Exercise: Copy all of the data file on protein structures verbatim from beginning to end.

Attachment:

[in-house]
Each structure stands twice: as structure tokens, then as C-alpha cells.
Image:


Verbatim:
[in-house]
Each structure stands twice: as structure tokens, then as C-alpha cells.
Image: